Bells and whistles
A BoozAllenHamilton report on superpremium products lists four ways in which the brands build strong relations with key customers: product differentiation, communication, tangibility of the retail experience (a premium experience at the point of sale) and pricing (for premium brands, 75-100 per cent more than the category average).
Mahindra & Mahindra's marketing of the Scorpio followed those steps closely. When it introduced the SUV in 2002, M&M consciously labelled the Scorpio as a "car-plus" in the upscale C segment -- in one stroke, it differentiated itself from the other offerings in that category and also turned the "utility vehicle" tag into its USP.
"Consumers are extremely brand conscious and want the brand to reflect their lifestyles. So marketers need to create aspirational imagery around the brand," says Arun Nayer, vice president, automotive marketing, M&M.
Accordingly, the ad campaigns for the Scorpio are typically shot abroad, for instance, Romania, and feature beautiful models and helicopters and other pointers to an exclusive, eminently desirable lifestyle.
For its part, Titan has been equally careful about building the right image for Xylys, whose brand ambassadors include Carlos Moya and Saira Mohan.
"We are extremely conscious about the kind of image we project," agrees Bhat. "We want to be both contemporary and classy. Our research shows that today's buyer is contemporary and doesn't necessarily want heritage."
If Titan wants to be seen as exclusive and up to date, so does Bombay Dyeing. Last year, it launched the first Sabyasachi Signature Line of bed and bath linen, pricing it at Rs 1,000 more than the most expensive linen in its existing range. Now, the textile company is planning the second season, which will be even more expensive.
"Even a couple of years ago, you wouldn't have thought anyone would pay Rs 999 for a towel. But with people travelling overseas, aspirations and demands are higher today," says Arun Bhawsingka, head, domestic business, Bombay Dyeing.
Spoil them silly
Marico understands that. After decades of being known as the Parachute coconut oil company, three years ago, Marico took everyone by surprise when it rolled out the upmarket Kaya chain of skin clinics.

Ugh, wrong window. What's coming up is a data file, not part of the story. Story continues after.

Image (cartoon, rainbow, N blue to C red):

"It made sense because looking good has become a must-do activity, especially for professionals who travel a lot. And people are willing to spend Rs 1,000 and more for a session," points out Rakesh Pandey, CEO, Kaya Skin Clinic.
But, while they are willing to spend, high-end customers can also be terribly demanding. The premium feel then has to extend beyond the brand -- the packaging, the experience at the point of sale, the communication, all have to seamlessly take forward the brand promise. "Customer experience should probably be top priority for a marketer, ahead of even product quality," declares E&Y's Rajgopal.
While premium brands can give full rein to their desire to create the right ambience at exclusive stores, it's slightly more difficult within multi-brand outlets. Still, they do manage.
Boston Consulting Group Partner Abheek Singhi points out that side-by-side refrigerators typically occupy a third of the available space at most showrooms, although they probably contribute less than 10 per cent of the dealer's revenues.
"Obviously, the company wants to create a special buying experience and it must be compensating the dealer for the space," he adds. Titan has created Xylys zones in multi-brand stores, apart from 130 Xylys outlets across the country.